37. The scope of [the margin of appreciation in assessing whether and to what extent differences in otherwise similar situations justify a different treatment] will vary according to the circumstances, the subject matter and the background. As a general rule, very weighty reasons would have to be put forward before the Court could regard a difference in treatment based exclusively on the ground of nationality or sex as compatible with the Convention. On the other hand, a wide margin is usually allowed to the contracting state under the Convention when it comes to general measures of economic or social strategy. Because of their direct knowledge of their society and its needs, the national authorities are in principle better placed than the international judge to appreciate what is in the public interest on social or economic grounds, and the Court will generally respect the legislature's policy choice unless it is "manifestly without reasonable foundation".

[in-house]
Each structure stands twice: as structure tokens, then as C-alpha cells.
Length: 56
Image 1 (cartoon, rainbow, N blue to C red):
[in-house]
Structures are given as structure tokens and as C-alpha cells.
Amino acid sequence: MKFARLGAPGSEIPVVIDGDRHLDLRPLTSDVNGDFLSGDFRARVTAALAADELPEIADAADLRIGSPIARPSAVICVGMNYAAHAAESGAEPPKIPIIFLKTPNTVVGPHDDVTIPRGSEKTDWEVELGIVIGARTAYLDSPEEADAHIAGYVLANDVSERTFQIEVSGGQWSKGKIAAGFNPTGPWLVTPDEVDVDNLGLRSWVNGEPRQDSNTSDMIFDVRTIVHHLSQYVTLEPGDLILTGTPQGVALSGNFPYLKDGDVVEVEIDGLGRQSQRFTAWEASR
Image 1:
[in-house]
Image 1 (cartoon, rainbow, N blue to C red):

40. Having thus defined the scope of its examination, the Court begins by observing that there is no right under Article8 of the Convention to be provided with housing. However, as the Court has previously held with regard to other social benefits, where a contracting state decides to provide such benefits, it must do so in a way that is compliant with Article14. The impugned legislation in this case obviously affected the home and family life of the applicant and her son, as it impacted upon their eligibility for assistance in finding accommodation when they were threatened with homelessness. The Court therefore finds that the facts of this case fall within the ambit of Article8. In so finding, the Court notes the conclusion of the Court of Appeal at [25] of R. (Morris) v Westminster City Council and further notes the fact that the Government agrees that Article8 applies to the instant case. The Court must therefore go on to consider whether the applicant was impermissibly discriminated against within the meaning of Article 14."